Once American westward expansion crossed the Mississippi, the forest-settling pioneers found themselves on a vast, alien landscape of open country, haunted by warrior tribes who had adopted the Iberian horse and lived much as the Scythians, Turks or Mongols out of Central Asia. The tribes of the Great Plains were so racially and ethically different from the eastern tribes, tending to slaughter the women and children of their racial enemies rather than adopt them, that by 1891 serious historians were questioning the image of the honorable tribesmen depicted in almost every earlier account of frontier abduction as some form of delusional narrative. Either all the Indian literature before 1860 was a lie or everything after it was a lie, according to monolithic thought police of varying stripes—unless we are talking about radically different societies, and we are. Indians of the Eastern Woodlands were genetically European at least in part, with some tribes being entirely of European stock such as the Westos and Stockbridge Indians and had cultures and even crafts very much of a Celtic or Norse character, including housing. By contrast, Indians west of the woodlands are racially Asiatic and had cultures as similar to Northeast Asia as to the Eastern Woodlands.
So, if we mean savage in the sense it was used, to describe primitive tribal folk living in the forests, than, the Eastern Woodlands fit the mold.
But, of course, our current term savage means only violent and uncouth. In this sense, Indians of the Great Plains were more likely to engage in the following practices than those of the east:
-deny women a political voice and use wives as beasts of burden
-rape women [the Comanche gang raped every woman they captured]
-live in filth [the Comanche were every bit as filthy as the Mongols]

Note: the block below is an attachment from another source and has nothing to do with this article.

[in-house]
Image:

-slay enemy women
-slay enemy children
In the following ways tribes of the two major types were virtually identical in terms of their difference from European sensibilities:
-prohibiting in-group violence and bondage, where European culture extolled same-race, in-group and even same-family violence and bondage as the very basis for ethical and economic life
-regarded torture of admired enemies as just and good, where the class solidarity of European warriors [officers] prohibited torture of captives even as the beating and killing of soldiers by officers was commonplace
-were willing to adopt racial outsiders as full members, which was resisted in European American society until the late 1900s
-always willing to side with Europeans and European Americans against their tribal enemies, [generally taking the side of racial aliens against racial cousins] where European Americans were far more fickle about the military expression of their racial hatreds and national rivalries [1]
Essentially the most savage of tribes were the Comanche, who fought other tribes with genocidal fervor and had the social ethics of outlaw bikers.
By contrast, the most civilized and politically advanced tribes, the five and later six nations of the Five-fire-council, known also as the Iroquois [long-house-people] pioneered a political system which served as an inspiration for the Founders of the United States and whose women held real political power. Even they, like their distant Comanche cousins, were, like many tribal folk, fond of genocide and committed numerous human extinction events.
Notes
-1. This is a big subject with a lot of exceptions. For instance, the Spanish used tribes in Florida against the English but then invited Americans into Texas to serve as a buffer against the Comanche menace.